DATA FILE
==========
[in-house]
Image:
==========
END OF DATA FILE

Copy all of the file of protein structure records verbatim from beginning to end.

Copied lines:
[in-house]
Image: